These eight hundred pages about bustles are disagreeable at best.
You demonstrate an 8-track mind lost in a world of digital scholarship.
Your diction is coarse, often touching the pornographic.
Making my way through this was slow and awful – like consuming a sink full
of dishwater with a tablespoon.
Rather than coagulate, your arguments add up to a froth of seedy observations.
Like current through a diode, your barely suppressed libidinal obsessions
run in one unwavering direction.
Your ideas are hitched to a worldview that is anachronistic even for the time
period you write about.
You fling terms like “exaggerated” and “concealed” as if your assumptions
are not offensive to contemporary sensibilities.
The three hundred and twelve pages describing methods of folding fabric exceed
the demands of careful study and enter the realm of the salacious.
The work’s concluding rant about “the perfect silhouette” is not only disgusting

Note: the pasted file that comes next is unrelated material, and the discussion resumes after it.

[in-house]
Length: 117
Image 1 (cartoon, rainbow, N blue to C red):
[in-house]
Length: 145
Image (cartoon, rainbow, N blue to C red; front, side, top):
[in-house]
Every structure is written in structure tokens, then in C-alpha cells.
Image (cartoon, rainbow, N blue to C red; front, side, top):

but also evidence of a deep neurosis.
The rancid stain that makes page 98 partially transparent could have been easily omitted.
I can only assume its inclusion is intentional.
Previously published in Pudding Magazine, Issue #56.
Nathan Moore has been published at elimae, Quarrtsiluni, Menacing Hedge, Fleeting Magazine and others. He was the winner of the 2009 William Redding Memorial Contest. Nathan’s “Exegesis” and “Anecdote of the Impossible Knot” are also in Reprint.
Object(s) to bring back to life: “I wish I could bring back my vestigial tail and an old-fashioned Christmas that would include drunkenness, cross dressing, and general misrule.”